- Catholicity (Catholic Website Classic of the Week)
- SDG Reviews "Unplanned": The Abbey Johnson Story (Diocesan News and BEYOND)
- Living and Loving Others (Helpful Hints for Life)
Receiving the Gospel, Serving God and Neighbor
“Rejoice, O Jerusalem: and come together all you that love her: rejoice with joy you that have been in sorrow:
that you may exult, and be filled from the breasts of your consolation.
I rejoiced at the things that were said to me: we shall go into the house of the Lord."
-Isaiah 66:10-11; Psalm 121:1
Sometimes in life we have long projects or difficult journeys to complete. Some view the season of Lent this way. So the Church helps us and encourages us at such times.
One way the Church does this is by marking the middle of a journey or when it is over half-way completed, and this is the case with Lent. Generally, Lent is a subdued time with focus and work on prayer, fasting, and almsgiving. Music is less during the Masses of Lent, and the organ is recommended not to be used at all. Longer readings of Sacred Scripture and silence tends to play a big part in the Mass. Flowers are not used to adorn the altar. But all this is lessened with Laetare Sunday.
The Thursday before Laetare Sunday (read more below) is actually the middle day of Lent, and it was at one time observed as such, but afterwards the special signs of joy permitted on this day, intended to encourage the faithful in their course through the season of Lent, were transferred to the Sunday following this Thursday. These special signs of joy consist (like those of Gaudete Sunday in Advent [3rd Sunday of Advent]) in the use of flowers on the altar, and of the organ at Mass; rose-colored vestments (NOT pink :o) ) are allowed instead of purple. The contrast between Laetare and the other Sundays of Lent is thus emphasized, and is characteristic of the joys of this life, restrained rejoicing mingled with a certain amount of sadness.
Peace and prayers in Jesus through Mary, loved by Saint Joseph,
P.S. This Sunday is Laetare Sunday, the Fourth Sunday of Lent. >>> Readings
Second Sunday of Lent
Laetare Sunday (from Latin laetare “(you) Rejoice! or (you) Be Glad!”)
- the fourth Sunday of Lent marking that Lent is over half way completed;
Rose-colored vestments may be worn, flowers are permitted and organ played (Laetare – Latin meaning “Rejoice” comes from the opening of the Mass "Laetare Jerusalem…" -- "Rejoice, O Jerusalem…")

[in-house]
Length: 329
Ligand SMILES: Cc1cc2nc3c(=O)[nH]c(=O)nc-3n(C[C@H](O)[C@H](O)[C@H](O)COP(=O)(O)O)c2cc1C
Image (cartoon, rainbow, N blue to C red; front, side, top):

Gaudete Sunday (from Latin gaudete “(you all) Rejoice!”)
- the Third Sunday of Advent marking with subdued joy that we are over half way in our waiting for Christmas; Rose-colored vestments may be worn while the rose candle is lit on the Advent wreath (Gaudete comes from the opening of the Mass: Gaudete in Domino simper… –“Rejoice in the Lord always…”)
Living and Loving Others
Never take a "You did", "You said", "You always", and "You never" approach to any discussion with someone you know. Use non-threatening language, and voice tones that bring forth the spirit of cooperation and trust you should have with another especially if you profess to love that person.
“This is the day which the LORD has made; let us rejoice and be glad in it.
Jesus rose from the dead "on the first day of the week." Because it is the "first day," the day of Christ's Resurrection recalls the first creation. Because it is the "eighth day" following the sabbath, it symbolizes the new creation ushered in by Christ's Resurrection. For Christians it has become the first of all days, the first of all feasts, the Lord's Day (he kuriake hemera, dies dominica) Sunday:
We all gather on the day of the sun, for it is the first day [after the Jewish sabbath, but also the first day] when God, separating matter from darkness, made the world; and on this same day Jesus Christ our Savior rose from the dead.” Catechism of the Catholic Church #2174
Here is a website for the modern Roman Catholic. First, many free things; second, great news and commentary; third, great Catholic resources for most any topic; and finally it was started by as average a Catholic Joe as there ever was. Site describes itself as having:
· Swift and Effortless Online Ordering
· Free Rapid Delivery to Your Doorstep
· The Finest Catholic CDs, Tapes, and Novels
· Parish-Friendly Catholic Resources
· Superb & Innovative News and Commentary
“Rejoice with Jerusalem and be glad for her, all you who love her; rejoice greatly with her, all you who mourn over her." -Isaiah 66:10
Laetare Sunday, the fourth Sunday of Lent, marks that we are halfway through this season. It is one of only two days a year that rose-colored vestments may be worn, and should be a day of subdued joy.